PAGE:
Tim Redmond

SF’s economic future


Sometime early this spring, while most of Washington, D.C. was watching the cherry trees bloom and thinking about the impending Iran-contra hearings, a few senior administration officials began discussing a plan to help domestic steel companies shut down underutilized plants by subsidizing some of the huge costs of pension plans for the workers who would be laid off.

The officials, mostly from the Departments of Labor and Commerce, saw the plan as a pragmatic approach to a pressing economic problem. With the steel industry in serious trouble, they argued, plant closures are inevitable — and since the federal government guarantees private pension plans, some companies will simply declare bankruptcy and dump the full liability on the taxpayers. Subsidies, they argued, would be a far cheaper alternative.

But the plan elicited sharp opposition from members of the Council of Economic Advisors, who acknowledged the extent of the problem but said the proposal was inconsistent with the Reagan economic philosophy. The problem, The New York Times reported, was that “such a plan would be tantamount to an industrial policy, an approach the president has long opposed.”

For aspiring conservative politicians, the incident contained a clear message, one that may well affect the terms of the 1988 Republican presidential debate. To the right-wing thinkers who control the party’s economic agenda, the concept of a national industrial policy is still officially off-limits. In San Francisco, the ground rules are very different. All four major mayoral candidates agree that the city needs to plan for its economic future and play a firm, even aggressive role in guiding the local economy. The incumbent, Dianne Feinstein, has established a clear, highly visible — and often controversial — industrial development policy, against which the contenders could easily compare and contrast their own programs.

The mayoral race is taking place at a time when the city is undergoing tremendous economic upheaval. The giant corporations that once anchored the local economy are curtailing expansion plans, moving to the suburbs and in many cases cutting thousands of jobs from the payroll. The once-healthy municipal budget surplus is gone. The infrastructure is crumbling and city services are stressed to the breaking point.

By all rights, the people who seek to lead the city into the 1990s should present San Francisco voters with a detailed vision for the city’s economic future, and a well-developed set of policy alternatives to carry that vision out.

But with the election just three months away, that simply isn’t happening. Generally speaking, for all the serious talk of economic policy we’ve seen thus far, most of the candidates — and nearly all the reporters who cover them — might as well be sniffing cherry blossoms in Ronald Reagan’s Washington.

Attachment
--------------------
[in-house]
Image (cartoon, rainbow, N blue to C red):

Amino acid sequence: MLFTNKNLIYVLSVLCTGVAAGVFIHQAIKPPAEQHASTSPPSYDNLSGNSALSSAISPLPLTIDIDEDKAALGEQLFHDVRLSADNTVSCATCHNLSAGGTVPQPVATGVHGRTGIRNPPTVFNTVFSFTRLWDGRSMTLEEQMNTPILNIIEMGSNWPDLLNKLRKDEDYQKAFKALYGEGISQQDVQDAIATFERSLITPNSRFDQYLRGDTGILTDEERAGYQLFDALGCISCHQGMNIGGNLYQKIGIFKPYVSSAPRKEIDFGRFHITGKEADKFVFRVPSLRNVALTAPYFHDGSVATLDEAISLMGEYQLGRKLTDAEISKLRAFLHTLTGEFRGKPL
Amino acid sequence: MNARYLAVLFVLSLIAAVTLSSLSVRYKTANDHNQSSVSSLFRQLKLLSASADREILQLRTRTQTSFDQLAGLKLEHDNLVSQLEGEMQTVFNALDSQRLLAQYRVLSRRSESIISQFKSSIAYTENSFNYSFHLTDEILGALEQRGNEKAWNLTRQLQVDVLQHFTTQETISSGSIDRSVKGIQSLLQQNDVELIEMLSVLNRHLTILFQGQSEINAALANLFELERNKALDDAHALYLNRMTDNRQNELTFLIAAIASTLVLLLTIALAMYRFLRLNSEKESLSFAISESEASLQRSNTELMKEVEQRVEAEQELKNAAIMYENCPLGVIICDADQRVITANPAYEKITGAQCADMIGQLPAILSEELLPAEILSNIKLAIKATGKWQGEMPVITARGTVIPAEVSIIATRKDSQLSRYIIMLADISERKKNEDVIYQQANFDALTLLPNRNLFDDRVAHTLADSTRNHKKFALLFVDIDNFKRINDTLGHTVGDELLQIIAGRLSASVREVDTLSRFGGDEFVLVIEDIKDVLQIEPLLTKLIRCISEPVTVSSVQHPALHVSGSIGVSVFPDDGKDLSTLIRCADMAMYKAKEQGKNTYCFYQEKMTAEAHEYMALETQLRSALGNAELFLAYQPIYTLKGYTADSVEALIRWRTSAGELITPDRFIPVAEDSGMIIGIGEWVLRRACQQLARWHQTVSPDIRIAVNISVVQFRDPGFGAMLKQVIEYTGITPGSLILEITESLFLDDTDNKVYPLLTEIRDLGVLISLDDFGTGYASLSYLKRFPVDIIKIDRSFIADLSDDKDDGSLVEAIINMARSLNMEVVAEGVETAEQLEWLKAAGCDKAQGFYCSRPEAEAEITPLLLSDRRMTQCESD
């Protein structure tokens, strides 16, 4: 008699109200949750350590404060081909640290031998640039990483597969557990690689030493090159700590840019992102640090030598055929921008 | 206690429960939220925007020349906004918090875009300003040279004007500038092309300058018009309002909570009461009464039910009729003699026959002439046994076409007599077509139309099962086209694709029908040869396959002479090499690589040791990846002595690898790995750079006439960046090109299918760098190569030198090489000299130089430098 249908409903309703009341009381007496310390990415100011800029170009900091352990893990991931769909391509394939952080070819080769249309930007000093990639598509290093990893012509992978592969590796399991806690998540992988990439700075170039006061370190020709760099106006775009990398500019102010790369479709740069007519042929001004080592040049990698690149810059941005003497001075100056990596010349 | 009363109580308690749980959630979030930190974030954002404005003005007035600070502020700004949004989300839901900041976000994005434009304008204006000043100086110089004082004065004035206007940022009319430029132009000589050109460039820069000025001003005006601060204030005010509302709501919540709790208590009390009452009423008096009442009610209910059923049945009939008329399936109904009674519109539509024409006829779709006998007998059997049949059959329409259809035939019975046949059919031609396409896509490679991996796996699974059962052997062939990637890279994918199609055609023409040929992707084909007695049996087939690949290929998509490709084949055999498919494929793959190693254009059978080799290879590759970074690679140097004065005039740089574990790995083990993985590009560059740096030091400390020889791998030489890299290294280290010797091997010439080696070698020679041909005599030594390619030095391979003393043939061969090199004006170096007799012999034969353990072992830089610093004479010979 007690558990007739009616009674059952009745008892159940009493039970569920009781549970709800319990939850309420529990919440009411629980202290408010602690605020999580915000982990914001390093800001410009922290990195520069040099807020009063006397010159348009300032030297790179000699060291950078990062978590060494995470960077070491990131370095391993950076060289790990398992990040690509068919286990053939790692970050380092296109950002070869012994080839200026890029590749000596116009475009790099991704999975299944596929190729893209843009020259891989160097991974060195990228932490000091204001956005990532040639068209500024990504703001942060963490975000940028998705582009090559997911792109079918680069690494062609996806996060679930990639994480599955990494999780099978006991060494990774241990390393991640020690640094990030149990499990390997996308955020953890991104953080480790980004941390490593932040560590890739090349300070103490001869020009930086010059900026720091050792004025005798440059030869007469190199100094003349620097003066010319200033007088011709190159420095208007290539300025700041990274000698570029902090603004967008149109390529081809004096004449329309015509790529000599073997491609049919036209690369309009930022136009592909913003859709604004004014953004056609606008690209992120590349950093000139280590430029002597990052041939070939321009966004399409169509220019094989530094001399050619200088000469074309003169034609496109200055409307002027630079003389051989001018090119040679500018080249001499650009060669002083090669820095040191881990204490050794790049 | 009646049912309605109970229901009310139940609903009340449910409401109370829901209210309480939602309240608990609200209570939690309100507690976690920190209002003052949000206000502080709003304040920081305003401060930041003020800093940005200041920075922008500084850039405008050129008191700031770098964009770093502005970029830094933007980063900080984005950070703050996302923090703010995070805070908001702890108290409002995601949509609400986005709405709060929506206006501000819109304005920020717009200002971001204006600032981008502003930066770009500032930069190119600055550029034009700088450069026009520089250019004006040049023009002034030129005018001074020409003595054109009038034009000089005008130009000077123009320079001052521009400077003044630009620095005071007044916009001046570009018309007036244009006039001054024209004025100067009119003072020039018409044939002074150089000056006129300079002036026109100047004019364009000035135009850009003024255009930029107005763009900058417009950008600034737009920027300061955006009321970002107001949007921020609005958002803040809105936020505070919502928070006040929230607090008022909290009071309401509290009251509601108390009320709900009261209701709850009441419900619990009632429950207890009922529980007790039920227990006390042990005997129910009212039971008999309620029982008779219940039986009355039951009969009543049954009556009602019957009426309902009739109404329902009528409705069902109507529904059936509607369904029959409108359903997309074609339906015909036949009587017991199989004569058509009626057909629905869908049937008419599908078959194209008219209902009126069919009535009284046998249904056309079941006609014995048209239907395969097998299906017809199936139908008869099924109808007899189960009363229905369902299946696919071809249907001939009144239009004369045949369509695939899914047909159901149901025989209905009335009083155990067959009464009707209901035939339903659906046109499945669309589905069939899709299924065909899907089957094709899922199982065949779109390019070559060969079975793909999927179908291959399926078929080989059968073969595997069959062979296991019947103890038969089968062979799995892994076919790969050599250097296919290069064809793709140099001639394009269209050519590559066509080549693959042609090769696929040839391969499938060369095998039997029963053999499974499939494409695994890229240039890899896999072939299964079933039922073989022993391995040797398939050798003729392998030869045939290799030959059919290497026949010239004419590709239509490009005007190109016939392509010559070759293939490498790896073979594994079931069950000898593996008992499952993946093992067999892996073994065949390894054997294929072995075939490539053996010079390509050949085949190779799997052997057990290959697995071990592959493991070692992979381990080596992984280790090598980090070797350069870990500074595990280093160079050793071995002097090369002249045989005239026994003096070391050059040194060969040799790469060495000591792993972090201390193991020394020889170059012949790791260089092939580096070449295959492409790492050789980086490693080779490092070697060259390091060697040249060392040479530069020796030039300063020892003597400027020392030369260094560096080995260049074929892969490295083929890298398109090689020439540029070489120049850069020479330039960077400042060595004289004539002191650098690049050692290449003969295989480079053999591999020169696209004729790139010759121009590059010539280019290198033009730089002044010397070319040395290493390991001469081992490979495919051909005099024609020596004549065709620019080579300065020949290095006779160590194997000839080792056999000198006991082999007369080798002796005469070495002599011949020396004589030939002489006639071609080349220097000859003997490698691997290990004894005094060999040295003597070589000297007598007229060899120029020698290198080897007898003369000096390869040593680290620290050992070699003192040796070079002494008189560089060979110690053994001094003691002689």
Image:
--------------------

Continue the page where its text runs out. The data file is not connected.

“San Francisco’s major challenge during the next 15 years will be to regain its stature as a national and international headquarters city. This is crucial to the city because much of its economy is tied to large and medium-sized corporations….The major source of San Francisco’s economic strength is visible in its dramatic skyline of highrise office buildings.”

—San Francisco: Its economic future

Wells Fargo Bank, June 1987

“In San Francisco, you have the phenomenon of a city losing its big-business base and its international pretensions — and getting rich in the process.”

—Joel Kotkin, Inc. Magazine, April 1987



IN MUCH OF San Francisco’s news media and political and business establishment these days, the debate — or more often, lament — starts with this premise: San Francisco is in a bitter competition with Los Angeles. At stake is the title of financial and cultural headquarters for the Western United States, the right to be called the Gateway to the Pacific Rim. And San Francisco is losing.

The premise is hard to deny. If, indeed, the two cities are fighting for that prize, San Francisco has very nearly been knocked out of the ring. Just a few short years ago, San Francisco’s Bank of America was the largest banking institution in the nation. Now, it’s third — and faltering. Last year, First Interstate — a firm from L.A. — very nearly seized control of the the company that occupies the tallest building in San Francisco. The same problems have, to a greater or lesser extent, beset the city’s other leading financial institutions. A decade ago, San Francisco was the undisputed financial center of the West Coast; today, Los Angeles banks control twice the assets of banks in San Francisco.